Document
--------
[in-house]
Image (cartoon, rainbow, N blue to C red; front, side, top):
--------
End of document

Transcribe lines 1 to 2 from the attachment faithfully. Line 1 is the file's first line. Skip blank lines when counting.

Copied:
[in-house]
Image (cartoon, rainbow, N blue to C red; front, side, top):